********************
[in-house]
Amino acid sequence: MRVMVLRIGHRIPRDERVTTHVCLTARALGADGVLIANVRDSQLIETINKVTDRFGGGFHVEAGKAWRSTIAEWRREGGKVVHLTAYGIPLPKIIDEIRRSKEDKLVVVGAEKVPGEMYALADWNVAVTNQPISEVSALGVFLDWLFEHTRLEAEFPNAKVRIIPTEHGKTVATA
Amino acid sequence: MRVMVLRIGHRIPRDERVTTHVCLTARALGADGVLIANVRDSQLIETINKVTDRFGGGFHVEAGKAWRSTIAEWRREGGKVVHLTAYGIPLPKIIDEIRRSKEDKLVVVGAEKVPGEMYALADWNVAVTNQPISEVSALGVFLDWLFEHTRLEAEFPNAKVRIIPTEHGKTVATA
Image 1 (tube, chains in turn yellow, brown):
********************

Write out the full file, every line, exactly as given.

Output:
[in-house]
Amino acid sequence: MRVMVLRIGHRIPRDERVTTHVCLTARALGADGVLIANVRDSQLIETINKVTDRFGGGFHVEAGKAWRSTIAEWRREGGKVVHLTAYGIPLPKIIDEIRRSKEDKLVVVGAEKVPGEMYALADWNVAVTNQPISEVSALGVFLDWLFEHTRLEAEFPNAKVRIIPTEHGKTVATA
Amino acid sequence: MRVMVLRIGHRIPRDERVTTHVCLTARALGADGVLIANVRDSQLIETINKVTDRFGGGFHVEAGKAWRSTIAEWRREGGKVVHLTAYGIPLPKIIDEIRRSKEDKLVVVGAEKVPGEMYALADWNVAVTNQPISEVSALGVFLDWLFEHTRLEAEFPNAKVRIIPTEHGKTVATA
Image 1 (tube, chains in turn yellow, brown):